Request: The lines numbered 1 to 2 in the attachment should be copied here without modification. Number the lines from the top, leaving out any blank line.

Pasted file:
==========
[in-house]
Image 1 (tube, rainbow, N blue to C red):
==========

[in-house]
Image 1 (tube, rainbow, N blue to C red):